Last week we ran PepsiCo (NYSE: PEP) through the 11 Rule Maker criteria and it passed about 8.8 of the tests. Afterward, we asked you what you thought of the results. Were the results good enough to merit the inclusion of Pepsi in the Drip Port based on the Rule Maker criteria? Forty-four percent of you said "yes." The complete survey results to the question "Were Pepsi's results good enough" were:

24% -- No, Pepsi should pass all 11 Rule Maker criteria, so it fails.
44% -- Yes, that's close enough. Pepsi looks good.
27% -- It's okay, but I'm worried about Pepsi's sales growth.
5% -- Pepsi passed most all Drip criteria, so that's all that matters.

In a survey one week earlier, we asked you which food and beverage finalist in our industry study you liked best. You answered:

55% -- Pepsi
26% -- Coca-Cola
10% -- Wrigley
7% -- No food & beverage company at all
2% -- A different food & beverage company

This second survey took place after we had focused on Pepsi and not on the other candidates for over three weeks, so the results are logically skewed to Pepsi's favor. Even allowing for that, though, the two surveys indicate that of our Drip Port readership who voted, Pepsi is favored as the next investment -- an investment that will essentially replace Campbell Soup (NYSE: CPB).

Brian and I have looked at Pepsi for a long time and from many angles, all of them shared online as much as possible, but we still need to converse a final time to form a conclusion. So, we'll head to a cafe soon, away from the hustle of Fool HQ, and Brian will proceed to buy me drinks and food, and we'll talk about Pepsi. And Wrigley. And Coca-Cola. And Brian's pet dog, Guiness. And when we finally stumble back to HQ (because tea has an intoxicating effect when drunk by the barrel-full), we should have a conclusion and good reasons to support it. And then we'll share all of them right here.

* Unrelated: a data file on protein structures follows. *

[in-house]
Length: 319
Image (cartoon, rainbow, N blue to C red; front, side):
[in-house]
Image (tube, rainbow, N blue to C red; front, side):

This should happen next week. Yes, next week we should finally have a decision, whether it is a call to action or not.

First, though, two points that Brian raised with me this week were legitimate concerns. He wondered whether we really knew the company well enough yet. Maybe we didn't really know Pepsi nearly as well as we should. Plus, it seems that the word is "out" regarding the positive changes at the company, especially following cover stories in Business Week and Barron's. So perhaps our opportunity to start buying it at a good price passed us by during the last 18 months when the stock hovered around the mid-$30s.

My response to the first concern, about our lack of some knowledge, is paraphrased by these words from Alan Watts: "To the mind which pursues every road to its end, every road leads nowhere. To abstain is not to postpone the cold disillusionment of the true facts but to see that one arrives by staying rather than going, that to be forever looking 'beyond' is to remain blind to what is here."

Those words may apply better to living than to investing, but truly they apply to both. We could continue to pursue road after road of knowledge in our study of Pepsi, and we would find that every road would lead to yet another road, and that more knowledge would only demand still more knowledge, so that essentially we would end up nowhere. In a nutshell, at some point, you simply have to take a leap. Make the plunge. Knowledge is always imperfect in any life venture, including investing. If you seek perfect knowledge, you'll only find, perhaps too late, that you can never obtain it.

My second thought about Pepsi's share price revolves around dollar cost averaging (DCA). As with Intel and Johnson & Johnson, if we decide to buy Pepsi, we can attempt to average into our investment more so when the price dips. Naturally, we'll always buy more shares when the stock is at a lower price, so the DCA process automatically works in our favor. So, I'm not that concerned about Pepsi's $7 share price rise from last year (even though that is about 20%) on the outset of our 17-year DCA investment.

All in all, next week we should be able to share our final thoughts on the matter. Our knowledge of what will occur next week is imperfect, however, so an outcome may prove to require yet more time. We'll see how our talks and subsequent writing go and we will aim for an efficient conclusion. For right now, it's your turn.

Your Turn:
If you've followed the Drip Port's food and beverage study and you're ready to make your investment decision on the matter, what are you going to do for your portfolio? Answer the poll here! (If your answer doesn't fit into any of the choices provided, please just post what you're doing.)

Related Links:
  • Rule Maker's 11 Criteria
  • Rule Maker Investment Seminar
  • Drip Port Investing Criteria